Stavros Korokithakis Stavros Korokithakis - 3 months ago 35x
Python Question

Reversible hash function?

I need a reversible hash function (obviously the input will be much smaller in size than the output) that maps the input to the output in a random-looking way. Basically, I want a way to transform a number like "123" to a larger number like "9874362483910978", but not in a way that will preserve comparisons, so it must not be always true that, if x1 > x2, f(x1) > f(x2) (but neither must it be always false).

The use case for this is that I need to find a way to transform small numbers into larger, random-looking ones. They don't actually need to be random (in fact, they need to be deterministic, so the same input always maps to the same output), but they do need to look random (at least when base64encoded into strings, so shifting by Z bits won't work as similar numbers will have similar MSBs).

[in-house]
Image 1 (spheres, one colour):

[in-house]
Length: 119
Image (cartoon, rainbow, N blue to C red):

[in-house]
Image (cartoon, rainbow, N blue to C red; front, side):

Also, easy (fast) calculation and reversal is a plus, but not required.

I don't know if I'm being clear, or if such an algorithm exists, but I'd appreciate any and all help!


None of the answers provided seemed particularly useful, given the question. I had the same problem, needing a simple, reversible hash for not-security purposes, and decided to go with bit relocation. The simplest would probably be:

def hash(n):
  return ((0x0000FFFF & n)<<16) + ((0xFFFF0000 & n)>>16)

This is reversible, in that hash(hash(n)) = n, and has non-sequential pairs {n,m}, n < m, where hash(m) < hash(n).

To get a less sequential looking implementation, you might also want to consider and interlace reordering from [msb,z,...,a,lsb] to [msb,lsb,z,a,...] or [lsb,msb,a,z,...] or any other relocation you feel gives an appropriately non-sequential sequence for the numbers you deal with.

(The above function is safe for numbers that fit in 32 bits, larger numbers are guaranteed to cause collisions and would need some more bit mask coverage to prevent problems. That said, 32 bits is usually enough for any uid).